How would you feel about having the same job, responsibilities, expertise and experience as the person next to you, but working for free several weeks out of the year?
That’s essentially what the pay disparity between women and men amounts to.
Equal Pay Day is April 10, 2018. The typical woman must work to this date in order to make what the typical man made in 2017.
Women make on average 80 cents for every dollar men make, according to the most recent U.S. Census data. The Equal Pay Coalition calls on everyone who believes this is just plain wrong to speak up. Participate in a social media storm at 2 P.M. Eastern Time on the 10th, using the hash tags #equalpayday, #talkpay and #time4transparency.
You can also ask the Equal Employment Opportunity Commission (EEOC) to require large corporations to report pay data by race, gender and job category. Last summer, the Trump Administration blocked this data collection. But information will shed more light on the problem and enable us to fix it. There is still time to sign the petition, which is available in English and in Spanish.
The pay gap translates into a loss of more than $10,000 in median earnings every year, the National Women’s Law Center estimates—or $418,800 over a 40-year career.
For most women of color, the disparity is even worse. African American women earn 63 cents on the dollar compared to white men; their “Equal Pay Day” is August 7. For Native American women, who earn 57 cents on the dollar, it is September 27. For Latinas, who earn 54 cents on the dollar, it is November 1.
The lifetime earnings differential for African American women, Native American women, and Latinas, respectively, is $840,040, $934,240, and over $1 million. Women at all education levels experience this gap. In fact, straight out of college, women make about $3 less per hour than men, according to the Economic Policy Institute.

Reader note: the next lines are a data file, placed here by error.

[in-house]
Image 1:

The pay disparity tells women that their labor is worth less than men’s labor. For educators, that is heresy. We believe in the potential of all students, and we strive to inspire boys and girls, women and men, to follow their hearts and dreams.
How can we change the status quo? The NEA supports more data collection by the EEOC and passage of the federal Paycheck Fairness Act and local and state bills that close the pay gap. We also call on more employers to post salary ranges, limit the use of prior salary in setting salaries, conduct pay audits, and protect employees who discuss pay at work.
As a union of educators—the majority of whom are women—we believe all working people must have the right to bargain collectively. Protecting this right is especially crucial now, in light of a case before the U.S. Supreme Court, Janus v. AFSCME, that threatens to take away this right.
The bottom line, according to the Institute for Women’s Policy Research, is this: “If the earnings of women and men who are employed full-time, year-round change at the rate they have been…the gender wage gap in the United States will not close until 2059.”
That’s a long time to wait for the fairness that girls and women deserve. To see where pay equity stands in your state, check out this chart. Read about the status of pay equity laws in the states here, and find out about the latest state victories in the march toward pay equity here.